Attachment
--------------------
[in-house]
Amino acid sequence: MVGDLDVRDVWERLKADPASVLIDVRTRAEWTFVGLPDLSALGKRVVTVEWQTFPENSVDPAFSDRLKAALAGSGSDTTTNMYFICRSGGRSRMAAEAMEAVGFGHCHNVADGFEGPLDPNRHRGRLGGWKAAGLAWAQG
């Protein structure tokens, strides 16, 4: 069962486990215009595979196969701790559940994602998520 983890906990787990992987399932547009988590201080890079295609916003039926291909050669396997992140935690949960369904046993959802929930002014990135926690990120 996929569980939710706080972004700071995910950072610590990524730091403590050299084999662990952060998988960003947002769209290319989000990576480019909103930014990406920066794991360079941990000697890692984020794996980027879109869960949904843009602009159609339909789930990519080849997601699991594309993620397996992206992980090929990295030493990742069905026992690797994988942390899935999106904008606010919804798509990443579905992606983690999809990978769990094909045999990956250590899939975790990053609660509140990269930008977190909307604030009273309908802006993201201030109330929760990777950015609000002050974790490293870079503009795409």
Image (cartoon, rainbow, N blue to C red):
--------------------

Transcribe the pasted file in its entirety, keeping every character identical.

[in-house]
Amino acid sequence: MVGDLDVRDVWERLKADPASVLIDVRTRAEWTFVGLPDLSALGKRVVTVEWQTFPENSVDPAFSDRLKAALAGSGSDTTTNMYFICRSGGRSRMAAEAMEAVGFGHCHNVADGFEGPLDPNRHRGRLGGWKAAGLAWAQG
């Protein structure tokens, strides 16, 4: 069962486990215009595979196969701790559940994602998520 983890906990787990992987399932547009988590201080890079295609916003039926291909050669396997992140935690949960369904046993959802929930002014990135926690990120 996929569980939710706080972004700071995910950072610590990524730091403590050299084999662990952060998988960003947002769209290319989000990576480019909103930014990406920066794991360079941990000697890692984020794996980027879109869960949904843009602009159609339909789930990519080849997601699991594309993620397996992206992980090929990295030493990742069905026992690797994988942390899935999106904008606010919804798509990443579905992606983690999809990978769990094909045999990956250590899939975790990053609660509140990269930008977190909307604030009273309908802006993201201030109330929760990777950015609000002050974790490293870079503009795409």
Image (cartoon, rainbow, N blue to C red):